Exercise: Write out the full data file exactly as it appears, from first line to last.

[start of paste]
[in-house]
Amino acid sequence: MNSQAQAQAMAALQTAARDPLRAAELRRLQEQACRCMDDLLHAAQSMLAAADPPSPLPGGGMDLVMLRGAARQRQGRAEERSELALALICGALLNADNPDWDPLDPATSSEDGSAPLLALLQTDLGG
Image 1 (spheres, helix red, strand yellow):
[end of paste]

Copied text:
[in-house]
Amino acid sequence: MNSQAQAQAMAALQTAARDPLRAAELRRLQEQACRCMDDLLHAAQSMLAAADPPSPLPGGGMDLVMLRGAARQRQGRAEERSELALALICGALLNADNPDWDPLDPATSSEDGSAPLLALLQTDLGG
Image 1 (spheres, helix red, strand yellow):